Now showing items 41-60 of 81

    • Call for Preventive Care for Rheumatic Heart Disease in Refugee Children

      Rossi, G; Lee, VS (BMJ Publishing Group - We regret that this article is behind a paywall., 2016-04-26)
    • Low-Tech, High Impact: Care for Premature Neonates in a District Hospital in Burundi. A Way Forward to Decrease Neonatal Mortality

      Ndelema, B; Van den Bergh, R; Manzi, M; van den Boogaard, W; Kosgei, R J; Zuniga, I; Juvenal, M; Reid, A (Springer Link, 2016-01-16)
      Death among premature neonates contributes significantly to neonatal mortality which in turn represents approximately 40 % of paediatric mortality. Care for premature neonates is usually provided at the tertiary care level, and premature infants in rural areas often remain bereft of care. Here, we describe the characteristics and outcomes of premature neonates admitted to neonatal services in a district hospital in rural Burundi that also provided comprehensive emergency obstetric care. These services included a Neonatal Intensive Care Unit (NICU) and Kangaroo Mother Care (KMC) ward, and did not rely on high-tech interventions or specialist medical staff.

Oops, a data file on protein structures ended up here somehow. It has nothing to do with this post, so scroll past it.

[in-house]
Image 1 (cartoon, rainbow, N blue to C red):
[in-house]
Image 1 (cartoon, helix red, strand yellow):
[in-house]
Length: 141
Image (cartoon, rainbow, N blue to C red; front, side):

• Task Sharing Within a Managed Clinical Network to Improve Child Health in Malawi

      O'Hare, B; Phiri, A; Lang, H-J; Friesen, H; Kennedy, N; Kawaza, K; Jana, C E; Chirambo, G; Mulwafu, W; Heikens, G T; et al. (BioMed Central, 2015-07-21)
      Eighty per cent of Malawi's 8 million children live in rural areas, and there is an extensive tiered health system infrastructure from village health clinics to district hospitals which refers patients to one of the four central hospitals. The clinics and district hospitals are staffed by nurses, non-physician clinicians and recently qualified doctors. There are 16 paediatric specialists working in two of the four central hospitals which serve the urban population as well as accepting referrals from district hospitals. In order to provide expert paediatric care as close to home as possible, we describe our plan to task share within a managed clinical network and our hypothesis that this will improve paediatric care and child health.
    • Enteric bacterial pathogens in children with diarrhea in niger: diversity and antimicrobial resistance

      Langendorf, C; Le Hello, S; Moumouni, A; Gouali, M; Mamaty, A-A; Grais, RF; Weill, F-X; Page, A-L (Public Library of Science, 2015-03-23)
      Although rotavirus is the leading cause of severe diarrhea among children in sub-Saharan Africa, better knowledge of circulating enteric pathogenic bacteria and their antimicrobial resistance is crucial for prevention and treatment strategies.
    • Getting it right for children: improving tuberculosis treatment access and new treatment options